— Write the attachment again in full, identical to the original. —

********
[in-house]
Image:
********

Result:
[in-house]
Image: